From the point of view of etiology and pathogenesis, morphology is in a position to play a significant role, although unfortunately many people do not understand this. Many examples can be quoted in support of this claim, the history of desmoplastic small cell tumor being a good (and close to the heart) example.5 The entity was first identified through morphology; a process that led to the discovery of a specific chromosomal translocation and a specific gene fusion (Figure 2). How long would it have taken for the molecular techniques to lead, on their own, to the discovery that the changes are unique and, from there, to the description of a new tumor? Actually, if one thinks about the major advances that have been made in the field in recent years, one realizes that most of them (at least in the field of solid tumors) have occurred as a result of the symbiosis of pathologists and molecular biologists, rather than each working in isolation.
Some years ago, the National Cancer Institute sought to develop a new classification of tumors based on molecular parameters that would replace the existing morphology-based classification and provide more clinically meaningful information. A US $100 million effort to sequence the genomes of lung, brain, and ovarian cancers, as part of a the US $1.5 billion Cancer Genome Atlas Project, to find all mutations in human cancers was begun.6 The level of complexity stunned the researchers; on average each tumor harbored 100 gene mutations. “From my perspective, it's hopeless,” said cancer biologist Lawrence Loeb: “It is a wonderful study, but there is no core of genes associated with a particular cancer. It started with a wonderful optimistic view, but now it presents enormous complexity.”6 For example, more than 21 000 mutations have been found for the protein p53 alone. Another sobering thought is that the number of mutations relevant to cancer represented only 0.2% of the mutations initially detected.6
These observations render it painfully obvious that unraveling the molecular features of cancer will take many years, probably decades, and that the crucial role microscopy will continue to play during this period will provide irreplaceable data if properly integrated with newer techniques. The key word here is ‘integration’, a concept which follows a long line of tradition among anatomic pathologists, in the sense that the basic information obtained with the H&E slide has always been integrated with the newer information obtained from ancillary techniques such as ‘special stains’, enzyme histochemistry, tissue culture, electron microscopy, and immunohistochemistry. Each of these methods has contributed to the information obtained from the routine method, and wherever useful, has been incorporated into the diagnostic armamentarium.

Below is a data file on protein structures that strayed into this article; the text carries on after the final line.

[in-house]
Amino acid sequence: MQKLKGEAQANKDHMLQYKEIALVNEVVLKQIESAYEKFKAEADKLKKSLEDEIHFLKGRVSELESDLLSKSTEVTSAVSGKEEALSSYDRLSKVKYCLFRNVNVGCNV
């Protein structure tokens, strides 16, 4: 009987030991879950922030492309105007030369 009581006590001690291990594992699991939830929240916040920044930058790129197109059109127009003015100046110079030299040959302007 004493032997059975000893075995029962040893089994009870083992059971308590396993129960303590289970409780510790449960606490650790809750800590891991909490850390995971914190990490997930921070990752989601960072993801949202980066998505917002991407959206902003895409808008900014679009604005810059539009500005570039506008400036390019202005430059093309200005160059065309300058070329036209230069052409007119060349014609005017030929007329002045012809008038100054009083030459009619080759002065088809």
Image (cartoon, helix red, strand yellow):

The same expansion in new technology is now occurring in the realm of molecular biology, except that the impact is far greater than that of electron microscopy and immunohistochemistry and is almost of cataclysmic proportions. One major difference between molecular approaches and ancillary methods employed previously is that molecular biology techniques have, with few exceptions, done away with the microscopic ‘handle’ that provided the link needed to relate the new findings to morphologic observations. To be sure, there is still a microscopic component in fluorescent and chromogenic in situ hybridization (FISH/CISH) and conventional cytogenetics, but hardly any in RT-PCR, comparative genomic hybridization (CGH), spectral karyotype imaging, the ubiquitous microarray chips (‘expression profiling’), and proteomics. In other words, we have entered a brave new world, and not an easy one for surgical pathologists to inhabit. Yet the chasm is not as wide as it would seem. Rather, there is a conceptual continuity among these methods that transcends their superficial technological differences. All of these technologies can be simply viewed as different ways to explore the various levels of complexity within the tree of life: DNA–RNA–protein–cell–tissue–organism, starting with the genotype and ending with the phenotype…7 Indeed, the key challenge will be to correlate morphologic phenotypes with the genotypic signatures on which the morphologic phenotype is based.
Because of my background, I have emphasized the contributions of surgical pathology to oncologic diseases, but it should be obvious that they apply just as well to the evaluation of medical diseases. As an example, one could note the discriminatory power of morphology in differentiating between inflammatory bowel disease and acute self-limited colitis in a patient presenting with acute colitis after a trip to an area in which enteric infections are endemic8, 9 Surveillance for dysplasia in ulcerative colitis is another area in which histologic diagnoses and molecular analysis could work in a synergistic fashion rather than in isolation, the patient benefiting medically and financially.10, 11, 12